Red Cell Antibodies
Please note, this page is printable by selecting the normal print options on your computer.
Why do I need to know?
If you come into hospital and you may need a blood transfusion, we need to test your blood. In addition to your blood group, we also test for the presence of red cell antibodies in your blood. We need to know whether you are likely to react to any blood that we give you. By checking your blood beforehand, we can choose the right units of blood for you.
What are red cell antibodies?
Antibodies are your body’s natural defence against anything which is different from yourself. They are part of the body’s immune system and protect you against harmful infections. Antibodies can be present naturally or may be made against blood cells that are different to your own. If you are exposed to different blood cells by pregnancy or from a transfusion, your immune system may make antibodies to “antigens” present on those different blood cells. Most patients do not have detectable red blood cell antibodies in their blood, but for the few who do, it is safer to know what they are before we offer you a transfusion.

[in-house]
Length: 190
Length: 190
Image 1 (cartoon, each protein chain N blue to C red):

What happens if I need a blood transfusion? Your doctor or nurse will explain why you need a transfusion and will discuss the risks, benefits and if any alternative treatments are available. It is important that you understand why a transfusion is required and that you have an opportunity to ask any questions. They should offer you a leaflet entitled “Receiving a Blood Transfusion”. If you want to proceed, we do a simple blood test We test for your blood group and look for any red cell antibodies. You may have heard this referred to as a “Group and Save” sample. Once we determine your blood group and identify any blood group antibodies you may have, we record them on your laboratory record. If you then need a blood transfusion, we use that information to match your blood with a donor unit we have in our stock. If we do not have a suitable match, we can order special units from the national blood bank, NHSBT. Once we have some blood suitable for you, we do a test in the laboratory that mixes your blood sample with the donor blood to double check the suitability. We then label the blood with all your details so the clinical team know that that blood has been chosen for you. They collect the blood from the blood fridge and check that all the details on the bag of blood match your wristband prior to giving you the transfusion.
By knowing about any red cell antibodies beforehand, the blood bank is able to quickly provide you with the best match for a successful and trouble-free transfusion. We also keep your records for many years so if you come in again, we can check your previous results. We do this to ensure you have the safest blood transfusion possible. If you do have any clinically significant antibodies, we will send you a card to keep in your wallet in case you need to go to another hospital for emergency treatment.